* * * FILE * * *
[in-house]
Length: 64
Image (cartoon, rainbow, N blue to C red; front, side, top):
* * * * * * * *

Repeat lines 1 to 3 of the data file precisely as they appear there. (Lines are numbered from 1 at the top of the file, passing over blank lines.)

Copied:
[in-house]
Length: 64
Image (cartoon, rainbow, N blue to C red; front, side, top):